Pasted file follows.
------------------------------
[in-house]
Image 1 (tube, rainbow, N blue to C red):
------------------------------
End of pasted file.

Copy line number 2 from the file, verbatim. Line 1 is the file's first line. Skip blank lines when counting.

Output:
Image 1 (tube, rainbow, N blue to C red):